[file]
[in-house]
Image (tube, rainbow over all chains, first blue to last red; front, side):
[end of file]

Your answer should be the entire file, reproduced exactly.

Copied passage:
[in-house]
Image (tube, rainbow over all chains, first blue to last red; front, side):